First of all, communication with the bus can be divided into two different classes:
- CRM Initiated Communication
- Bus initiated communication
In the picture to the right, these two are represented with a connection each (connection 1 = CRM Initiated Communication, connection 2 = bus initiated communication)
CRM initiated communication might be considered the simplest, since it mainly controlled from CRM. It can be code that runs from aspx-pages, callouts/plug-ins or workflow addons. It simply consumes the webservice at the CRM adapter on the bus.
Bus initiated communication is set up by the bus consuming a customly created web service. This "proxy" webservice translates from integrationmessages and datastructures to CRM native communication.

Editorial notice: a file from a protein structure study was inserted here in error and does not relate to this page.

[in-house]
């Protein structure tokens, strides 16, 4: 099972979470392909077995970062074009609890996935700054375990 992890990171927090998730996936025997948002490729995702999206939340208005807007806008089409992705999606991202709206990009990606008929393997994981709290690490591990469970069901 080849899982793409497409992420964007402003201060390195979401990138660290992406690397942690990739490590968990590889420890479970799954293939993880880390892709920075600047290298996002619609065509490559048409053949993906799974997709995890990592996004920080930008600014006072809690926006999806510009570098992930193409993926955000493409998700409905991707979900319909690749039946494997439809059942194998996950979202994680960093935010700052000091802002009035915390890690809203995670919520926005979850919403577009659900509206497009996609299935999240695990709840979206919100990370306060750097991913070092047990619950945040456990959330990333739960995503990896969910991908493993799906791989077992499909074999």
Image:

Integration is then definied by defining messages that uses either connection 1 or 2. Each message has two parts, Request and Response, and the response is the syncronous answer to the request. Assyncronous messages should be set up as two individual messages one for each adapter.
So, why create a proxy web service? Why cannot the bus connect directly to the CRM web service? The reason for this is usually that the communication is defined using messages (as described above) and the person responsible for the CRM Adapter on the bus cannot be expected to have any CRM knowledge in general or specificly CRM Webservice knowledge, hence that is the CRM developers job.
These are some of my experiences and reflections on integration with a centralized integration architecture. If you have any comments or you have some other method that you use, please leave a comment, so that we can discuss it further.
Microsoft Dynamics CRM Consultant